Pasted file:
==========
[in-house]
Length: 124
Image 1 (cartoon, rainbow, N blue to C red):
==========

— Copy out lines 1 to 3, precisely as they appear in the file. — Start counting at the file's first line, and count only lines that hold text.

[in-house]
Length: 124
Image 1 (cartoon, rainbow, N blue to C red):